How do you choose your planting levels to minimise the total loss at harvest time?

To investigate the relationship between the distance the ruler drops and the time taken, we need to do some mathematical modelling...

Investigate circuits and record your findings in this simple introduction to truth tables and logic.

Use your skill and judgement to match the sets of random data.

Are these statistical statements sometimes, always or never true? Or it is impossible to say?

The probability that a passenger books a flight and does not turn up is 0.05. For an aeroplane with 400 seats how many tickets can be sold so that only 1% of flights are over-booked?

How is the length of time between the birth of an animal and the birth of its great great ... great grandparent distributed?

What functions can you make using the function machines RECIPROCAL and PRODUCT and the operator machines DIFF and INT?

If a is the radius of the axle, b the radius of each ball-bearing, and c the radius of the hub, why does the number of ball bearings n determine the ratio c/a? Find a formula for c/a in terms of n.

Can you visualise whether these nets fold up into 3D shapes? Watch the videos each time to see if you were correct.

Each week a company produces X units and sells p per cent of its stock. How should the company plan its warehouse space?

Explore the properties of matrix transformations with these 10 stimulating questions.

Could nanotechnology be used to see if an artery is blocked? Or is this just science fiction?

Invent scenarios which would give rise to these probability density functions.

Explore the meaning behind the algebra and geometry of matrices with these 10 individual problems.

Explore the shape of a square after it is transformed by the action of a matrix.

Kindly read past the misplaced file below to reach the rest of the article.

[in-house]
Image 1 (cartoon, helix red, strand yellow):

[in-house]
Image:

Have you ever wondered what it would be like to race against Usain Bolt?

Use trigonometry to determine whether solar eclipses on earth can be perfect.

Go on a vector walk and determine which points on the walk are closest to the origin.

This is our collection of tasks on the mathematical theme of 'Population Dynamics' for advanced students and those interested in mathematical modelling.

Explore the meaning of the scalar and vector cross products and see how the two are related.

Can you make matrices which will fix one lucky vector and crush another to zero?

Starting with two basic vector steps, which destinations can you reach on a vector walk?

See how enormously large quantities can cancel out to give a good approximation to the factorial function.

Many physical constants are only known to a certain accuracy. Explore the numerical error bounds in the mass of water and its constituents.

Can you sketch these difficult curves, which have uses in mathematical modelling?

What shapes should Elly cut out to make a witch's hat? How can she make a taller hat?

Where should runners start the 200m race so that they have all run the same distance by the finish?

Which dilutions can you make using only 10ml pipettes?

Looking at small values of functions. Motivating the existence of the Taylor expansion.

How do you write a computer program that creates the illusion of stretching elastic bands between pegs of a Geoboard? The answer contains some surprising mathematics.

How would you design the tiering of seats in a stadium so that all spectators have a good view?

The design technology curriculum requires students to be able to represent 3-dimensional objects on paper. This article introduces some of the mathematical ideas which underlie such methods.

Simple models which help us to investigate how epidemics grow and die out.

Make an accurate diagram of the solar system and explore the concept of a grand conjunction.

Can you suggest a curve to fit some experimental data? Can you work out where the data might have come from?

In Fill Me Up we invited you to sketch graphs as vessels are filled with water. Can you work out the equations of the graphs?

Formulate and investigate a simple mathematical model for the design of a table mat.

Can you work out which processes are represented by the graphs?

In which Olympic event does a human travel fastest? Decide which events to include in your Alternative Record Book.

Use vectors and matrices to explore the symmetries of crystals.

Get some practice using big and small numbers in chemistry.

Is it really greener to go on the bus, or to buy local?

Why MUST these statistical statements probably be at least a little bit wrong?